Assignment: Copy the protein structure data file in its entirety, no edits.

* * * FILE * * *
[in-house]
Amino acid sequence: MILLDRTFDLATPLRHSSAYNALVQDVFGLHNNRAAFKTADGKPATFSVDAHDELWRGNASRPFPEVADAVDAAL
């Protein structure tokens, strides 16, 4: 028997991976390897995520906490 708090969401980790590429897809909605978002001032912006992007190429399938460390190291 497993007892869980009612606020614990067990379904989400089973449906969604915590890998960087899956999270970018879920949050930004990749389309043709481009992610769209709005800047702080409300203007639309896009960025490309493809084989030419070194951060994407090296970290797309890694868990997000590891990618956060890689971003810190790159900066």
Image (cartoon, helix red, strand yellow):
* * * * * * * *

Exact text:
[in-house]
Amino acid sequence: MILLDRTFDLATPLRHSSAYNALVQDVFGLHNNRAAFKTADGKPATFSVDAHDELWRGNASRPFPEVADAVDAAL
């Protein structure tokens, strides 16, 4: 028997991976390897995520906490 708090969401980790590429897809909605978002001032912006992007190429399938460390190291 497993007892869980009612606020614990067990379904989400089973449906969604915590890998960087899956999270970018879920949050930004990749389309043709481009992610769209709005800047702080409300203007639309896009960025490309493809084989030419070194951060994407090296970290797309890694868990997000590891990618956060890689971003810190790159900066």
Image (cartoon, helix red, strand yellow):